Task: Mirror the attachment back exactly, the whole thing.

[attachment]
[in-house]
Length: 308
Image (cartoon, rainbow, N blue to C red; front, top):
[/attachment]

[in-house]
Length: 308
Image (cartoon, rainbow, N blue to C red; front, top):